HUNGARIAN BLACK PEPPERS
Most recognizable in their deep purple stage, Hungarian black peppers mature to red when they spend more time on the vine; they also get hotter and sweeter. Similar in shape to jalapeños, these chiles have their own crisp, fresh flavor and deliver a friendly level of heat. Assess the spiciness as you chop them for cooking and use the seeds if you want more kick.
A favorite of both cooks and gardeners, the plants are speckled with pretty purple blossoms all season long. If an early snowstorm threatens your garden, remember that chiles continue to ripen indoors so it’s worth scrambling to pick them.
Fall is the beginning of root vegetable season, and some, like parsnips, are delicious raw especially when young and freshly harvested. Use a vegetable peeler to get long ribbons, crisp them in ice water for a few minutes, then add the strips to salads. As the creamy-colored roots grow larger and mature, you’re better off enjoying them cooked. Cut slices, chunks, or elegant long halves, coat them with olive oil, and roast at 400°F until tender and beginning to caramelize, with or without similarly sized root vegetable friends like beets and potatoes.
Thanks to Benjamin Deuling and his team at SporeAttic, we can enjoy Oyster mushrooms at their peak freshness most months of the year. Find their mushrooms at farmers markets and on local restaurant menus.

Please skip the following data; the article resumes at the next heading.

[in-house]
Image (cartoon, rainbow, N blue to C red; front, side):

When you bring mushrooms home, keep them in a brown paper bag with a few holes poked in—you want the mushrooms to retain their moisture without getting soggy from too much condensation. When cleaning them for cooking, brush off any dirt or debris with a crumpled piece of paper towel, resisting the urge to use water because they are like little sponges and soak up every drop.
A dry sauté is a great way to cook mushrooms. Start with a hot pan, tear the mushrooms into manageable pieces, and cook them (perhaps with a sprig of thyme) until they release their liquid and begin to brown. Add a little butter or olive oil toward the end of cooking and tumble them out onto a buttered slice of toasted sourdough or alongside roasted potatoes. For more mushroom cooking ideas, check out the recipe from Kenan as the recipe section at sporeattic.com.